x Abu Dhabi, UAEFriday 28 July 2017

Dubai diamond chairman in running for global post

Peter Meeus, the chairman of the Dubai Diamond Exchange, has emerged as a candidate to head the global governing body responsible for keeping blood diamonds out of circulation.

Peter Meeus, the chairman of the Dubai Diamond Exchange, has emerged as a candidate to head the global governing body responsible for keeping blood diamonds out of circulation.

Eli Izhakoff is to stand down as president of the World Diamond Council (WDC) on June 30, a year before the end of his term. "I have run this body for 13 years," he said at the Dubai Diamond Conference at Almas Tower yesterday. "Now it is time for the body to evolve."

Mr Meeus's candidacy was revealed by Ahmed bin Sulayem, the executive chairman of the Dubai Multi Commodities Centre (DMCC), as the conference opened yesterday morning.

"Dubai is in a very important position in the global diamond trade," Mr bin Sulayem said. "The majority of production happens in Africa, the majority of cutting happens in India. Dubai is right in the middle as a facilitator for the trade. I support Peter's candidacy."

The WDC was established in 2000 in response to mounting concern over the trade of blood diamonds, stones mined in war zones of western Africa, often with child labour. The proceeds from the diamonds' sale went to finance conflict.

Mr Meeus's candidacy emerged with the WDC poised to embark on a process of reform, which is being led by the outgoing Mr Izhakoff.

"One of the things we are looking for is a professional chief executive to run things at the WDC. And then we are looking for a chairman who will be rotating every two years from a different sector of the industry - the miners one year, the jewellers one year," Mr Izhakoff said.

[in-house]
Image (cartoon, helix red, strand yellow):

"Peter has been around the diamond industry for a long time," Mr Izhakoff said. "He knows the industry inside-out. He knows the politics. He will be a candidate and there will be many others I am sure. The best politician will win. It all depends on one's ability to bring everybody together."

Mr Meeus said his platform will aim to convince the board the diamond trade has made a shift from West to East and that the president should be based in the East.

Dubai has risen rapidly to the top three diamond trading centres in the world.

"The diamond business was established in the West with one centre, which for centuries was Antwerp, Belgium, and then Amsterdam," Mr Meeus said.

"Now we basically want proper representation, and that is why Ahmed bin Sulayem and the DMCC have asked me to be a candidate."

Mr Meeus came to Dubai in 2006 after he failed to convince his colleagues in Antwerp to expand into India and the East.

"Now they have a presence in India, they have a presence in Turkey and elsewhere. They have no other choice; it is the way the industry was going but they could not see that," he said.

 

jdoran@thenational.ae